When the use of B.C.’s natural resources intersects with the protection of our natural environment, British Columbians expect their government to make decisions that are transparent, responsible and, above all, in the public interest.
We’ve recently introduced new measures we believe will restore the public’s trust in the way government manages our natural resources.
Our new Environmental Assessment Act will bring about a strong and transparent environmental assessment process, based on science. The decisions we make about resource development affect the air, land and water we value. We have a responsibility to our children and grandchildren to pass along a healthy environment, and that’s why concerns such as sustainability, climate impacts, community health and safety, and effects on future generations will all be addressed in future assessment decisions. The general public and Indigenous communities will be able to participate meaningfully and companies will be able to get good projects reviewed and ready more quickly.
Local and Indigenous communities, as well as project proponents, will be engaged much earlier in the new process. This is to everyone’s benefit. The time for the public and Indigenous peoples to flag questions or concerns about a project is at the beginning, not well down the road after companies have already developed project designs. This way, companies can incorporate feedback into project designs early, eliminating the need for costly design changes or expensive litigation later on.
The new process will provide more public comment periods as well as funding to support public participation. There will be independent reviews of the evidence and science put forward by proponents, and Indigenous knowledge and values will be incorporated. Overall, there will be shorter timeframes to get projects assessed and decisions made. And where a project requires both provincial and federal approval, we will work with the federal government to reduce redundancies while retaining independent, final decision-making authority.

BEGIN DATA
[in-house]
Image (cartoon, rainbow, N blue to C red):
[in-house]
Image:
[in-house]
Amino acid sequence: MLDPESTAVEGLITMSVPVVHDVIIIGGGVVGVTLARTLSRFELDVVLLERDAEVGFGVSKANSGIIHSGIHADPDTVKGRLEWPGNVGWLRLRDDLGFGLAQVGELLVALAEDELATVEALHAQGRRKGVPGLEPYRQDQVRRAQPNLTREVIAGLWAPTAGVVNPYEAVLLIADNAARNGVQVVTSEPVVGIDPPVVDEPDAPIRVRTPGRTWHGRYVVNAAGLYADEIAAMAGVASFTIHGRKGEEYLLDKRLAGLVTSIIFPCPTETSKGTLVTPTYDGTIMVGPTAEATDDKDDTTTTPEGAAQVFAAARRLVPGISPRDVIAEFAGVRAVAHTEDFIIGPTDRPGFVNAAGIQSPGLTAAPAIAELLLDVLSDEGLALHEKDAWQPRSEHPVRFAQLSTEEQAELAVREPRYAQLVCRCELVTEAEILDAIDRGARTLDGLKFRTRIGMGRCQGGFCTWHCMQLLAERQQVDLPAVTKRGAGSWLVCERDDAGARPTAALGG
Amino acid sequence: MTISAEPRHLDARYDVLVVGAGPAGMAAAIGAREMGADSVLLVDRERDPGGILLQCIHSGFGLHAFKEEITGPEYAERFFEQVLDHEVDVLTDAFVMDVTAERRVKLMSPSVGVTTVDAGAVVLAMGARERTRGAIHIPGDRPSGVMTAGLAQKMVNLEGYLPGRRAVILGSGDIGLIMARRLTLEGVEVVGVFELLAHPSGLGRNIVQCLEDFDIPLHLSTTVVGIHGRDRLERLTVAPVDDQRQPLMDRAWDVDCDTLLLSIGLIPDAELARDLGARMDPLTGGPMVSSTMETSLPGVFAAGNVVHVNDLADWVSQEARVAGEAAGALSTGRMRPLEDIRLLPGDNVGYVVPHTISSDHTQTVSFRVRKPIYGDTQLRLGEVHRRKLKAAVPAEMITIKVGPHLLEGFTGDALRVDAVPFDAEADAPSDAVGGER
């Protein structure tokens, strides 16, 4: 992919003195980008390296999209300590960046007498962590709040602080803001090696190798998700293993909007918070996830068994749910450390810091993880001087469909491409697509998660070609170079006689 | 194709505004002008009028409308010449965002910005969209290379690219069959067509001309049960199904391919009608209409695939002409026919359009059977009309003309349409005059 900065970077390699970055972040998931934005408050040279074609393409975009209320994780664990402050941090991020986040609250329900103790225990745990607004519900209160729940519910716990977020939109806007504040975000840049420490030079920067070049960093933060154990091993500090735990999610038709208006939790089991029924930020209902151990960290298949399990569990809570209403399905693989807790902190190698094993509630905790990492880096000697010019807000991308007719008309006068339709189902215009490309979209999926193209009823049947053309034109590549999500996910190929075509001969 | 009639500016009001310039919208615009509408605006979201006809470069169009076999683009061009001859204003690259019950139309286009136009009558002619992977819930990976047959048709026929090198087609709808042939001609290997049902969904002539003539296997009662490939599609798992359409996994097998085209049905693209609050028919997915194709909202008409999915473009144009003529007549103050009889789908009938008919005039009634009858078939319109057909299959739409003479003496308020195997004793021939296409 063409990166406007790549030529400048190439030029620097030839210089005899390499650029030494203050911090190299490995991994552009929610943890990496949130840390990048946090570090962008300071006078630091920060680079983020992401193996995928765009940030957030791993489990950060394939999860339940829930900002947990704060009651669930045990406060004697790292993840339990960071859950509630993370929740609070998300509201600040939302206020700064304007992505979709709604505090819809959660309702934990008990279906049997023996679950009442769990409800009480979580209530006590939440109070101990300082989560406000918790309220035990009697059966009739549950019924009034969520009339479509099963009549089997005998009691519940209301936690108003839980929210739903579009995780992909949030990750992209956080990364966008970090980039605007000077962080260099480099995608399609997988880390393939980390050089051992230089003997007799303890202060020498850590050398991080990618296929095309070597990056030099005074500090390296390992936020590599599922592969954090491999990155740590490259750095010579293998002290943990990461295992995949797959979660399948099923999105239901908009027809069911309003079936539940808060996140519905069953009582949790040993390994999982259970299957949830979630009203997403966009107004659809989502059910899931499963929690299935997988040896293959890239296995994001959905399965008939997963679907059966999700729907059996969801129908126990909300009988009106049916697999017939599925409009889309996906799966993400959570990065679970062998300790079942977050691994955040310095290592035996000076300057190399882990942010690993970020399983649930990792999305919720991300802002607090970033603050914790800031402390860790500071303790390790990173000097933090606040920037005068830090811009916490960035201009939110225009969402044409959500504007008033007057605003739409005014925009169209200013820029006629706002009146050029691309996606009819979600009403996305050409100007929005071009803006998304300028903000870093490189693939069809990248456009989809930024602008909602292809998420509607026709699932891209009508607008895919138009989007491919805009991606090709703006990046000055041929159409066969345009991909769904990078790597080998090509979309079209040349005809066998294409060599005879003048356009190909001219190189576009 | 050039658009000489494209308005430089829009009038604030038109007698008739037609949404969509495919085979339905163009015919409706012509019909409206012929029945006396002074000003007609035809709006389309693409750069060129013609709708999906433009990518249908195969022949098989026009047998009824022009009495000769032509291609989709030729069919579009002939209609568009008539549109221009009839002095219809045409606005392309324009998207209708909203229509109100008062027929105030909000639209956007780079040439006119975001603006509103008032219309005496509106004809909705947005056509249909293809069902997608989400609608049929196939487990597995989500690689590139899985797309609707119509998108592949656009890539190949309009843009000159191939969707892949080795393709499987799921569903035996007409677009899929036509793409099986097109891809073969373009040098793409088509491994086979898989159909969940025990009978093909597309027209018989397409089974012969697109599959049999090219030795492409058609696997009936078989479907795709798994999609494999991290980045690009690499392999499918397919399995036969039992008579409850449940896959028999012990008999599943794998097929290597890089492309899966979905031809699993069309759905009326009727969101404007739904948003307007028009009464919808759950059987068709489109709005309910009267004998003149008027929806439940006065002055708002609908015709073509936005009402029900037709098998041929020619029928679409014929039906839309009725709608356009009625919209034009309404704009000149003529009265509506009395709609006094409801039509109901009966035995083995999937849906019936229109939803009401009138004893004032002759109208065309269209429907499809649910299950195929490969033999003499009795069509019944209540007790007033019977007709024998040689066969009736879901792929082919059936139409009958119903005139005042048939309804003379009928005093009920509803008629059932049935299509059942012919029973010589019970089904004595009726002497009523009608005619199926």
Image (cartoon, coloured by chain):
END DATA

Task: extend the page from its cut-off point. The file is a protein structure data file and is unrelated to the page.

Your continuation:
The collaborative partnership with Indigenous groups will advance reconciliation through a consent-based process that must be considered and addressed by ministers when we make decisions. This is so Indigenous peoples can share in the economic prosperity of a robust, sustainable resource sector, while their rights, values and culture are respected.
Another important way we’re increasing public confidence in resource management is by improving the way we regulate the qualified professionals who make decisions in the natural resource sector.
New legislation we’ve introduced will improve the professional reliance model by aligning and consolidating oversight of regulated professions integral to the model. This includes agrologists, technologists and technicians, engineers and geoscientists, biologists and foresters. Our aim is to ensure that roles, responsibilities and expectations of qualified professionals are clear. This will improve public trust in the professional reliance model and provide industry the certainty it requires to continue to generate jobs in a healthy economy.
The legislation we’ve introduced for both the environmental assessment process and regulating qualified professionals is designed to get responsible, sustainable projects approved in B.C. more quickly and efficiently, so communities can prosper, Indigenous peoples can prosper and people can have good jobs, all while ensuring environmental responsibility.